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Page, Lemuel W.


Age: 41, credited to Burlington, VT
Unit(s): 12th VT INF
Service: comn CPT, Co. C, 12th VT INF, 8/23/62 (10/2/62), m/o 7/14/63

See Legend for expansion of abbreviations


Birth: 04/30/1821, Burlington, VT
Death: 01/18/1903

Burial: Lakeview Cemetery, Burlington, VT
Marker/Plot: Not recorded
Gravestone photographer: Kathy Valloch
Findagrave Memorial #: 46553119

Cenotaph: Pleasant View Cemetery, Ludlow, VT
Gravestone researcher/photographer: Heidi McColgan
Findagrave Memorial #: 87458037


Alias?: None noted
Pension?: Yes, 2/14/1880; widow Carrie E., 2/7/1903, VT
Portrait?: VHS Collections
College?: Not Found
Veterans Home?: Not Found
(If there are state digraphs above, this soldier spent some time in a state or national soldiers' home in that state after the war)

Remarks: See Benedict's Army Life in Virginia


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Lakeview Cemetery, Burlington, VT

Check the cemetery for location/directions and other veterans who may be buried there.




Cenotaph at Pleasant View Cemetery, Ludlow, VT

Check the cemetery for location/directions and other veterans who may have cenotaphs there.


VHS - Reunion Society Collection


Capt. Lemuel Page, who died in Brandon Jan. 18, aged 82, was a native of this city and was a merchant here from 1843 to 1862 when he sold out to become captain of company C, 12th regiment, Vermont volunteers. He was one of the original members of College st. Congregational church.

Source: Burlington Clipper, January 31, 1903

The Late Captain Lemuel W. Page

The decease of Capt. Lemuel W. Page, which took place in Brandon, January 18, closed along and active life. The release was sudden and painless. He was found sitting in a chair as if composed for sleep. Mr. Page was born in Burlington, April 30, 1921. He was the son of Lemuel Page and Clarissa (Whitney) Page. His father was born in Rindge, N.H., and was a soldier in the War of 1812. The family came from England at an early date, and members of it settled as pioneers in the colonies of New York, Massachusetts, Vermont and Virginia; and have left many descendants in these states. When seven years of age, his father having died, his mother removed to Lyndesboro, N.H. - where, on a farm, his boyhood was spent, and the foundation laid of good health and active habits. At the age of 12 he began his business career as a clerk. In 1843 he established himself as a merchant in Burlington and continued in successful trade until the breaking out of the Civil War. In 1862 he sold out his business at a sacrifice and offered his services to his country. He was unanimously chosen captain of Co. C, 12th regiment, Vt. Vols., his commission bearing date of August 22, 1862. as an officer he united the qualities of good disciplinarian with a tender regard for the welfare and comfort of the men under his command. He was ever held in grateful and honorable remembrance by the member of his company, His service was a part of the splendid record of the sons of Vermont, given at great cost, yet freely, to save the republic. It was his good fortune to come out of the service unharmed, and to enjoy the fruit of his devotion, to his country, and to be associated in the work of the G.A.R., which organization always held a high place in his regard. He was quick to respond to the claims of a comrade, and many are the veterans who can testify to his kindness. Capt. Page was of a genial and social nature, and retained those youthful characteristics to the last.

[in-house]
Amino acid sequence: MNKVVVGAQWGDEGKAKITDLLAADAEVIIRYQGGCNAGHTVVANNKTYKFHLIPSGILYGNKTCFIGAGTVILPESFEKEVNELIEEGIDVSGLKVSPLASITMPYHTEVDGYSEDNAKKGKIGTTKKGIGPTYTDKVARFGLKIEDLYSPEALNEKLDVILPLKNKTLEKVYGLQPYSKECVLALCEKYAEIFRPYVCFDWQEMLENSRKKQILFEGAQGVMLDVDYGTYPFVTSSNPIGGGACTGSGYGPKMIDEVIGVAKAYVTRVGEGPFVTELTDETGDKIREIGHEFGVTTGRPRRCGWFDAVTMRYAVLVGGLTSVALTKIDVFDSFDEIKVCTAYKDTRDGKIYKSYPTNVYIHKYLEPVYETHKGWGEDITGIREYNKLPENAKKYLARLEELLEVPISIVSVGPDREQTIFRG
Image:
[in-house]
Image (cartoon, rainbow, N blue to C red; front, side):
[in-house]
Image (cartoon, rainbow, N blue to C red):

In 1843 he married Susan Souders of Peterboro, N. H., and two children were the fruit of the union Dr. Frank W. Page of Boston, lately superintendent of the Vermont insane asylum at Waterbury, and Mrs. Charles H. Knapp pf Paterson, N. J., both of whom survive him. In 1873 he married, a second time, Miss Carrie E. Hemenway of Brandon, and after some years of active business life, they returned to Brandon and made their home there. Captain Page was one of the original members of the College Street Church of Burlington, Vt., and at the time of his death was a member of the Congregational Church of Brandon. The funeral services were held from his home and were attended by a large number of friends and by the Grand Army Post, of which he was an honored member. The interment was in Burlington. His memory will be cherished by a wide circle of friends as an upright merchant, a loyal soldier, a kindly man.

Source: Burlington Free Press, January 27, 1903.
Courtesy of Tom Boudreau.